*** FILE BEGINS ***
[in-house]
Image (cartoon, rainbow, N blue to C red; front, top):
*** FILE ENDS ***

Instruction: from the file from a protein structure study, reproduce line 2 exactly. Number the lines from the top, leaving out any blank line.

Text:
Image (cartoon, rainbow, N blue to C red; front, top):